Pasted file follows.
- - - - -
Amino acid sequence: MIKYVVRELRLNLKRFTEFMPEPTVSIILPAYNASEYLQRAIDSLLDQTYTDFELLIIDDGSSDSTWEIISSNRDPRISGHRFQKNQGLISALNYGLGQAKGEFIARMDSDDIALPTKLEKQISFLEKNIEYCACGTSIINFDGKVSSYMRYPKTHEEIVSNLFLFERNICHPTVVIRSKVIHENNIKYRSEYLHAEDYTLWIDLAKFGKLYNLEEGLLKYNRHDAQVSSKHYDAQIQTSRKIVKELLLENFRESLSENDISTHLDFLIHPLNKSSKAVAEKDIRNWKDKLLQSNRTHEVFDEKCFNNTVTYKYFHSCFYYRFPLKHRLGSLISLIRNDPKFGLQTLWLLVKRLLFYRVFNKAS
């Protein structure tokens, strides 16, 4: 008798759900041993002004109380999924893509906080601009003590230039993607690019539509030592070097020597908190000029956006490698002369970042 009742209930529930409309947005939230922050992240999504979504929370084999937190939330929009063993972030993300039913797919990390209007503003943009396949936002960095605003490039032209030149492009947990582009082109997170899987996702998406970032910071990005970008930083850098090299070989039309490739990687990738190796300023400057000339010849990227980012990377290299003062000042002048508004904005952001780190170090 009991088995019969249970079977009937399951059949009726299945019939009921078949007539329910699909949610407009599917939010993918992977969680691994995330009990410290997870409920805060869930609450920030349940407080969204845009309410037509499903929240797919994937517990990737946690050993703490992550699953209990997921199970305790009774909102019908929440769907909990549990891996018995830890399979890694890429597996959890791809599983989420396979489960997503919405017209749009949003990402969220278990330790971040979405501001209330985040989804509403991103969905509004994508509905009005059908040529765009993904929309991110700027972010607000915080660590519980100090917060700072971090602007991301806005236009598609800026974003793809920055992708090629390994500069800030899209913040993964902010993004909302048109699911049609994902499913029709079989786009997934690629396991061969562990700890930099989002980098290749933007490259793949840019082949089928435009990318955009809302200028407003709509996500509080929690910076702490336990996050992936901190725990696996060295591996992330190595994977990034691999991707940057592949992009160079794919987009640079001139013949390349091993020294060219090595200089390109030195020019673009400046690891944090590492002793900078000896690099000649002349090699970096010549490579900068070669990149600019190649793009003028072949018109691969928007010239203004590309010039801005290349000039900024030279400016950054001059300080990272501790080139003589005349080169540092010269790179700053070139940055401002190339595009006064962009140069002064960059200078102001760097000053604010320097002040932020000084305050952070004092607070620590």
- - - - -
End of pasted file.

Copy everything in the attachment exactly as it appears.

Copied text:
Amino acid sequence: MIKYVVRELRLNLKRFTEFMPEPTVSIILPAYNASEYLQRAIDSLLDQTYTDFELLIIDDGSSDSTWEIISSNRDPRISGHRFQKNQGLISALNYGLGQAKGEFIARMDSDDIALPTKLEKQISFLEKNIEYCACGTSIINFDGKVSSYMRYPKTHEEIVSNLFLFERNICHPTVVIRSKVIHENNIKYRSEYLHAEDYTLWIDLAKFGKLYNLEEGLLKYNRHDAQVSSKHYDAQIQTSRKIVKELLLENFRESLSENDISTHLDFLIHPLNKSSKAVAEKDIRNWKDKLLQSNRTHEVFDEKCFNNTVTYKYFHSCFYYRFPLKHRLGSLISLIRNDPKFGLQTLWLLVKRLLFYRVFNKAS
């Protein structure tokens, strides 16, 4: 008798759900041993002004109380999924893509906080601009003590230039993607690019539509030592070097020597908190000029956006490698002369970042 009742209930529930409309947005939230922050992240999504979504929370084999937190939330929009063993972030993300039913797919990390209007503003943009396949936002960095605003490039032209030149492009947990582009082109997170899987996702998406970032910071990005970008930083850098090299070989039309490739990687990738190796300023400057000339010849990227980012990377290299003062000042002048508004904005952001780190170090 009991088995019969249970079977009937399951059949009726299945019939009921078949007539329910699909949610407009599917939010993918992977969680691994995330009990410290997870409920805060869930609450920030349940407080969204845009309410037509499903929240797919994937517990990737946690050993703490992550699953209990997921199970305790009774909102019908929440769907909990549990891996018995830890399979890694890429597996959890791809599983989420396979489960997503919405017209749009949003990402969220278990330790971040979405501001209330985040989804509403991103969905509004994508509905009005059908040529765009993904929309991110700027972010607000915080660590519980100090917060700072971090602007991301806005236009598609800026974003793809920055992708090629390994500069800030899209913040993964902010993004909302048109699911049609994902499913029709079989786009997934690629396991061969562990700890930099989002980098290749933007490259793949840019082949089928435009990318955009809302200028407003709509996500509080929690910076702490336990996050992936901190725990696996060295591996992330190595994977990034691999991707940057592949992009160079794919987009640079001139013949390349091993020294060219090595200089390109030195020019673009400046690891944090590492002793900078000896690099000649002349090699970096010549490579900068070669990149600019190649793009003028072949018109691969928007010239203004590309010039801005290349000039900024030279400016950054001059300080990272501790080139003589005349080169540092010269790179700053070139940055401002190339595009006064962009140069002064960059200078102001760097000053604010320097002040932020000084305050952070004092607070620590």